Proper affirmation can help students do well, enjoy doing well, persevere, and be passionate about their work. Micro-affirmations are most effective when we are honest and sincere, and they can help students recognize adversity and address it productively. 

Micro-affirmations can provide a student with a realistic, yet optimistic, vision about the difficulties that they’re facing. Karyn Hall, director of the Dialectical Behavior Therapy Center in Houston, Texas, claims that your perception of obstacles makes a substantial difference in overcoming them.

It is important to note that grit can be an important component of success, and micro-affirmations can help with grit. However, none of this absolves our society of systemic problems related to poverty, class, and oppression.

`“Individual effort is still vitally important, but a student's circumstances still do impact [their] future, and we can't ignore these additional important factors.' - Linda Nathan

I’ve been able to incorporate micro-affirmations into my advising and counseling sessions with students to help with resiliency and grit. For example, I often say “I understand that you are frustrated about” then name the particular situation or challenge. When appropriate, I then follow that up with “I can also see that you have made progress in the following areas since (a certain date).”

I’ve also made sure that students are able to reflect upon their accomplishments. I’ve said things like “I can tell that you feel good about your progress” and “You should take some time to feel proud of your accomplishments and remind yourself of them even when you experience obstacles.”

2. Establish a sense of belonging and community

Mary Rowe also believes that “consistent, appropriate affirmation of others can spread from one person to another.”

Students come to us in a variety of emotional states and levels of confidence. By using micro-affirmations, we can not only boost our one-on-one counseling and advising sessions, but we can also create a sense of community throughout our institutions.

Unfortunately, we cannot reach every student individually, and not every student will approach us for guidance. However, if we can provide consistent micro-affirmations for those whom we do reach, then they, in turn, will affirm their peers and increase campus-wide belonging.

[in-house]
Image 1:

In his book College Students’ Sense of Belonging, Dr. Terrell Strayhorn emphasizes the importance of student belonging and its ability to predict student success. 

“It is undeniably clear that sense of belonging is a basic human need, vital for optimal human functioning and critical for students’ learning and development. Everybody wants to belong and one’s need to belong is heightened in contexts and settings where individuals are prone to feel alienated, invisible, (pre)judged, stereotyped, or lonely.”

To appropriately affirm a student is to be knowledgeable about the settings and contexts that our students encounter.

It also requires acknowledging the role that those settings and contexts play in a student’s ability to exist and succeed in our institutions.

Whenever I talk to students about a difficult situation, I try to use micro-affirmations – such as affirming that I know that the conversation will be difficult. Starting with “I know this is difficult news” or “I know this situation will be difficult to work through, but I am here to make sure that you feel heard” shows understanding and empathy. 

Additionally, indicating that you are concerned or that you want to be a student’s advocate can be tremendously beneficial. It signals to the student that you care about them, want them to be there, and are invested in their future successes. 

Micro-affirmations can also help let students know that there are a variety of resources available on campus to assist them. You can let students know that they aren’t alone and that many successful students need assistance and have utilized resources. Emphasize that these resources are meant to help students use the tools they already have to work through issues.